It’s not just chang­ing or mak­ing a new con­sti­tu­tion,” Vay explained. She argued that past con­sti­tu­tions have nev­er rep­re­sent­ed the country’s indige­nous major­i­ty, who face struc­tur­al racism and soar­ing pover­ty rates, accord­ing to the Unit­ed Nations. What we want now is to direct change from the com­mu­ni­ties, that it be the peo­ple who meet and define an agree­ment for coex­is­tence in a par­tic­i­pa­tive way.”

Guatemala’s Con­sti­tu­tion was adopt­ed in 1985 on the heels of a geno­cide against indige­nous peo­ple dur­ing the blood­i­est peri­od of the 36-year-civ­il war under the dic­ta­tor­ship of Gen­er­al Efrain Rios Montt.

Ben­i­to Morales believes cor­rup­tion cas­es cre­ate a huge oppor­tu­ni­ty” for Guatemala to grap­ple with big ques­tions of how to trans­form the polit­i­cal sys­tem. He said many social sec­tors now define their demands more clear­ly com­pared to dur­ing the 2015 protests against Perez Moli­na, but that there is more work to be done in under­stand­ing cor­rup­tion as a struc­tur­al issue.

For Vay, polit­i­cal edu­ca­tion is key to bring peo­ple who mobi­lized for Perez Molina’s res­ig­na­tion — includ­ing urban mid­dle class youth — into the larg­er con­ver­sa­tion on how to cre­ate real change.”

In the mean­time, the strug­gle to keep cor­rup­tion inves­ti­ga­tions on track is set to be an uphill battle.

Con­trary to Attor­ney Gen­er­al Por­ras’ claims that Morales is a good ally against cor­rup­tion,” the pres­i­dent has bucked fraud probes. Morales has repeat­ed­ly tried to dis­cred­it the UN-backed body lead­ing high-lev­el inves­ti­ga­tions, the Inter­na­tion­al Com­mis­sion Against Impuni­ty in Guatemala (CICIG), and kick out its chief com­mis­sion­er, Ivan Velasquez. 

Among oth­er high-pro­file cas­es, CICIG has col­lab­o­rat­ed with the prosecutor’s office in inves­ti­gat­ing Morales for ille­gal cam­paign financ­ing and charg­ing Morales’ broth­er and son in a sep­a­rate fraud case.

Mean­while, if Por­ras fol­lows her predecessor’s lead and seeks to strip Morales’ immu­ni­ty, the buck will stop with Con­gress, where a major­i­ty bloc of law­mak­ers that crit­ics call the Pact of the Cor­rupt” already vot­ed to pro­tect Morales from prosecution.

San­dra Moran, a mem­ber of Con­gress with the pro­gres­sive Con­ver­gence par­ty, told In These Times that the bloc’s ini­tia­tives have two goals: con­trol­ling the pop­u­la­tion and ensur­ing impuni­ty for them­selves and their cronies.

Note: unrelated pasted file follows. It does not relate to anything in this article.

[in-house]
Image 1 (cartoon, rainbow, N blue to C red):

What this group that now we iden­ti­fy as the Pact of the Cor­rupt’ does is [cre­ate] laws to con­trol the pop­u­la­tion, laws of impuni­ty for them and their friends, [and] laws that ben­e­fit a deter­mined group,” she said.

Just days after the erup­tion, before the vol­canic ash had cleared, Con­gress resumed dis­cus­sions about reforms to mod­i­fy the crime of illic­it elec­toral financ­ing, of which Morales is accused.

Polit­i­cal ana­lyst Dr. Manuel Vil­la­cor­ta told In These Times that pro­po­nents of the reforms aim to favor the politi­cians already con­vict­ed of illic­it financ­ing and pre­pare for the next elec­tions so they can receive illic­it cap­i­tal with­out fear of crim­i­nal prosecution.”

He added that Con­gress’ fail­ure to hold the exec­u­tive account­able under­mines democ­ra­cy, while Morales’ reac­tionary” stance threat­ens insti­tu­tion­al sta­bil­i­ty by gen­er­at­ing social frag­men­ta­tion that could lead the coun­try to a sit­u­a­tion of ungovernability.”

Ben­i­to Morales warned that Morales and his allies’ pre­oc­cu­pa­tion with dodg­ing account­abil­i­ty will have far-reach­ing con­se­quences, includ­ing leav­ing aban­doned” sec­tors and ser­vices includ­ing health­care and edu­ca­tion to fall fur­ther by the wayside.

Despite the chal­lenges, cor­rup­tion inves­ti­ga­tions have opened a pandora’s box that has already pro­pelled social move­ments forward.

Accord­ing to Moran, What they [polit­i­cal elites] are try­ing to do is have the state in their ser­vice. What we are try­ing to do is build demo­c­ra­t­ic rule of law.”

Heather Gies is a free­lance jour­nal­ist who has writ­ten on human rights, social move­ments and envi­ron­men­tal issues for Al Jazeera, The Guardian, In These Times and Nation­al Geo­graph­ic. Fol­low her on twit­ter @HeatherGies.